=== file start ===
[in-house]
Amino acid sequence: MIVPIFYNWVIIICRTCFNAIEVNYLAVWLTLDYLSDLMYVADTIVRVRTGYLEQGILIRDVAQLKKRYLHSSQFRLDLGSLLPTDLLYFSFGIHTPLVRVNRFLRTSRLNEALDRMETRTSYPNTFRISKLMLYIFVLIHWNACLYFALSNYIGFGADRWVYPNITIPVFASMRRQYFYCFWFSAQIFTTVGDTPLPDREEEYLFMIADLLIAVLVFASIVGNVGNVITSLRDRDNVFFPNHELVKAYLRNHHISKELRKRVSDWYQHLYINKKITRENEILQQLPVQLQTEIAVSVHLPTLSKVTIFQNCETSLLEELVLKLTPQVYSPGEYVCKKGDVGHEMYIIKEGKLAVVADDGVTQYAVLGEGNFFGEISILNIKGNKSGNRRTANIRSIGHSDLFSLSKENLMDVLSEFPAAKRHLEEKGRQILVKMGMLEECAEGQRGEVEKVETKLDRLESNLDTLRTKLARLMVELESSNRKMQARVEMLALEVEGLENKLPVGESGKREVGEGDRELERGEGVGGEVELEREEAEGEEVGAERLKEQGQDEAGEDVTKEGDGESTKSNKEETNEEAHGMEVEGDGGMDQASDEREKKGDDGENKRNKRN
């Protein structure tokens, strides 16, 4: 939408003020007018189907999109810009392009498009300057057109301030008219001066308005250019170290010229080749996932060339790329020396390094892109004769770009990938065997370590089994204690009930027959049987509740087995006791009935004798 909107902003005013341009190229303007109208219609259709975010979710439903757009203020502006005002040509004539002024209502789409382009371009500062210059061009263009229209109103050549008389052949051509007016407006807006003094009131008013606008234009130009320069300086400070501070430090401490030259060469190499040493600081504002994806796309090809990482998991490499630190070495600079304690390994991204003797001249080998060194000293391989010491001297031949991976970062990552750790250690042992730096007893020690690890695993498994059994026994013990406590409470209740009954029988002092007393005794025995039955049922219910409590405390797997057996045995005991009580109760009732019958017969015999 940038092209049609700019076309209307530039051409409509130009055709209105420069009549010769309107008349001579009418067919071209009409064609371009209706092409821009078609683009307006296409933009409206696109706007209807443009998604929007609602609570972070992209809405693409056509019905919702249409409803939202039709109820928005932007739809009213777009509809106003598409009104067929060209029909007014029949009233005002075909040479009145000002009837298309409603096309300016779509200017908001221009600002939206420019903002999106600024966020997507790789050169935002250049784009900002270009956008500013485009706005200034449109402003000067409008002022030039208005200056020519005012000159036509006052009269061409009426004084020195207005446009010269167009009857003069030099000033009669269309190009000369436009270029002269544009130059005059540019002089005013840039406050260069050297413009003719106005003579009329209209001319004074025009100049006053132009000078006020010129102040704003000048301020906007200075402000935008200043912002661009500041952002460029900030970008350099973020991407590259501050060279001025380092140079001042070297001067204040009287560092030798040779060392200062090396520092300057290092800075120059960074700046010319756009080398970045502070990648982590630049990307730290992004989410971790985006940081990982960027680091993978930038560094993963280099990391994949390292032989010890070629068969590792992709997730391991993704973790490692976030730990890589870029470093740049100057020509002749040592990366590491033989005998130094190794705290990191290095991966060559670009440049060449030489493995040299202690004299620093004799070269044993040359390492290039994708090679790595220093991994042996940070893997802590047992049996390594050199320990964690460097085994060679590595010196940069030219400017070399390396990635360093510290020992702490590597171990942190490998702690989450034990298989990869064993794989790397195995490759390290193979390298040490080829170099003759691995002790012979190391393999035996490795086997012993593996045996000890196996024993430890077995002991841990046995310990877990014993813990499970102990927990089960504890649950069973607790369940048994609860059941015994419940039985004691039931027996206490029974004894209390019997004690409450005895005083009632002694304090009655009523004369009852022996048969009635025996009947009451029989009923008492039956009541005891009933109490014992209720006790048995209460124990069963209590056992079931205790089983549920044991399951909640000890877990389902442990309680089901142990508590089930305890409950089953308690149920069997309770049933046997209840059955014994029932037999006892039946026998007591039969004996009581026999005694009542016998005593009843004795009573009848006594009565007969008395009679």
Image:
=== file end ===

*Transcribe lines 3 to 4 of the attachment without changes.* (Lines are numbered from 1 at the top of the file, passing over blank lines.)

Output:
């Protein structure tokens, strides 16, 4: 939408003020007018189907999109810009392009498009300057057109301030008219001066308005250019170290010229080749996932060339790329020396390094892109004769770009990938065997370590089994204690009930027959049987509740087995006791009935004798 909107902003005013341009190229303007109208219609259709975010979710439903757009203020502006005002040509004539002024209502789409382009371009500062210059061009263009229209109103050549008389052949051509007016407006807006003094009131008013606008234009130009320069300086400070501070430090401490030259060469190499040493600081504002994806796309090809990482998991490499630190070495600079304690390994991204003797001249080998060194000293391989010491001297031949991976970062990552750790250690042992730096007893020690690890695993498994059994026994013990406590409470209740009954029988002092007393005794025995039955049922219910409590405390797997057996045995005991009580109760009732019958017969015999 940038092209049609700019076309209307530039051409409509130009055709209105420069009549010769309107008349001579009418067919071209009409064609371009209706092409821009078609683009307006296409933009409206696109706007209807443009998604929007609602609570972070992209809405693409056509019905919702249409409803939202039709109820928005932007739809009213777009509809106003598409009104067929060209029909007014029949009233005002075909040479009145000002009837298309409603096309300016779509200017908001221009600002939206420019903002999106600024966020997507790789050169935002250049784009900002270009956008500013485009706005200034449109402003000067409008002022030039208005200056020519005012000159036509006052009269061409009426004084020195207005446009010269167009009857003069030099000033009669269309190009000369436009270029002269544009130059005059540019002089005013840039406050260069050297413009003719106005003579009329209209001319004074025009100049006053132009000078006020010129102040704003000048301020906007200075402000935008200043912002661009500041952002460029900030970008350099973020991407590259501050060279001025380092140079001042070297001067204040009287560092030798040779060392200062090396520092300057290092800075120059960074700046010319756009080398970045502070990648982590630049990307730290992004989410971790985006940081990982960027680091993978930038560094993963280099990391994949390292032989010890070629068969590792992709997730391991993704973790490692976030730990890589870029470093740049100057020509002749040592990366590491033989005998130094190794705290990191290095991966060559670009440049060449030489493995040299202690004299620093004799070269044993040359390492290039994708090679790595220093991994042996940070893997802590047992049996390594050199320990964690460097085994060679590595010196940069030219400017070399390396990635360093510290020992702490590597171990942190490998702690989450034990298989990869064993794989790397195995490759390290193979390298040490080829170099003759691995002790012979190391393999035996490795086997012993593996045996000890196996024993430890077995002991841990046995310990877990014993813990499970102990927990089960504890649950069973607790369940048994609860059941015994419940039985004691039931027996206490029974004894209390019997004690409450005895005083009632002694304090009655009523004369009852022996048969009635025996009947009451029989009923008492039956009541005891009933109490014992209720006790048995209460124990069963209590056992079931205790089983549920044991399951909640000890877990389902442990309680089901142990508590089930305890409950089953308690149920069997309770049933046997209840059955014994029932037999006892039946026998007591039969004996009581026999005694009542016998005593009843004795009573009848006594009565007969008395009679």
Image: